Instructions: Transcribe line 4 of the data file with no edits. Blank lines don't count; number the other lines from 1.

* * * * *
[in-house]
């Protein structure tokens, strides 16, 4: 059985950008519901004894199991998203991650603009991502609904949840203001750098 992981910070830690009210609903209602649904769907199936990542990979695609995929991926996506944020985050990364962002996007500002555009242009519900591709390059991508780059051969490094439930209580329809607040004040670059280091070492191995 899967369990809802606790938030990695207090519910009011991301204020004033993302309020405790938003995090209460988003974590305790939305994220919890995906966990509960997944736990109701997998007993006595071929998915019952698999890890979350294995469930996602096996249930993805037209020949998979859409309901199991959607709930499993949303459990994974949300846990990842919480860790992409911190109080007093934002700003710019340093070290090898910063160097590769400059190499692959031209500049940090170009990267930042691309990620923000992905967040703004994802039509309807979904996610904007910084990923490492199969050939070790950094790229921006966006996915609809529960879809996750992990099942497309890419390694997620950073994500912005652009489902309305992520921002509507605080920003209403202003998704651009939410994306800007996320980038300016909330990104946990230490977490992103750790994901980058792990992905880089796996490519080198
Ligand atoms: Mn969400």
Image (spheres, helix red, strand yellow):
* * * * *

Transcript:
Image (spheres, helix red, strand yellow):